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Local widening (dilation) of an arterial wall. An aneurysm (Greek, aneurysma, widening) usually is caused by atherosclerosis and hypertension or a congenital weakness in the vessel wall. Aneurysms are common in the aorta but may occur in peripheral vessels as well. The danger of an aneurysm is rupture and hemorrhage. Treatment depends on the vessel involved, the site, and the health of the patient. In aneurysms of small vessels in the brain (berry aneurysms), treatment is occlusion of the vessel with small clips. For larger arteries, such as the aorta, the aneurysm is resected and a synthetic graft is sewn within the affected vessel. Figure 11-20A shows an abdominal aortic aneurysm, and Figure 11-20B illustrates a synthetic graft in place. Stent grafts also may be placed less invasively as an alternative to surgery in some patients.
deep vein thrombosis (DVT)
Blood clot (thrombus) forms in a large vein, usually in a lower limb. This condition may result in a pulmonary embolism (clot travels to the lung) if not treated effectively. Anticoagulants (blood-thinning drugs) such as heparin are used to prevent pulmonary emboli.
Abnormally swollen and twisted veins, usually occurring in the legs. This condition is caused by damaged valves that fail to prevent the backflow of blood (Figure 11-21A to C). The blood then collects in the veins, which distend to many times their normal size. Because of the slow flow of blood in the varicose veins and frequent injury to the vein, thrombosis may occur as well. Hemorrhoids (piles) are varicose veins near the anus.Physicians now treat varicose veins with sclerotherapy (injections with sclerosing solution) or laser and pulsed-light treatments to seal off veins. Surgical interventions such as vein stripping and ligation are used less frequently.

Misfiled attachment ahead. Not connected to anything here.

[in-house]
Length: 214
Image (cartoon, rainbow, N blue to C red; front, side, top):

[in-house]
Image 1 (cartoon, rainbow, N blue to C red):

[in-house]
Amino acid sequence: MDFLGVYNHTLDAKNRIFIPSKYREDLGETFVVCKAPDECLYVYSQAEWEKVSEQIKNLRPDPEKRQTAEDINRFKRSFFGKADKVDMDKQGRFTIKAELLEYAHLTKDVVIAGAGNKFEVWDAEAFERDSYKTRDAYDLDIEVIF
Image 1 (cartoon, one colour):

acute coronary syndromes (ACSs)
Unstable angina and myocardial infarction (heart attack), which are consequences of plaque rupture in coronary arteries.
Chest pain resulting from myocardial ischemia. Stable angina occurs predictably with exertion; unstable angina is chest pain that occurs more often and with less exertion.
angiotensin-converting enzyme (ACE) inhibitor
Antihypertensive drug that blocks the conversion of angiotensin I to angiotensin II, causing blood vessels to dilate. It prevents heart attacks, CHF, stroke, and death. See Table 21-6 on page 886 for names of ACE inhibitors and other cardiovascular drugs.
Listening for sounds in blood vessels or other body structures, typically using a stethoscope.
Drug used to treat angina, hypertension, and arrhythmias. It blocks the action of epinephrine (adrenaline) at receptor sites on cells, slowing the heartbeat and reducing the workload on the heart.
Device enabling ventricles to beat together (in synchrony) so that more blood is pumped out of the heart.
Abnormal blowing or swishing sound heard during auscultation of an artery or organ.
calcium channel blocker
Drug used to treat angina and hypertension. It dilates blood vessels by blocking the influx of calcium into muscle cells lining vessels.
Sudden, unexpected stoppage of heart action; sudden cardiac death.
Pressure on the heart caused by fluid in the pericardial space.
Pain, tension, and weakness in a leg after walking has begun, but absence of pain at rest.
Drug that treats arrhythmias and strengthens the heartbeat.
embolus ( plural: emboli)
Clot or other substance that travels to a distant location and suddenly blocks a blood vessel.
Area of dead tissue.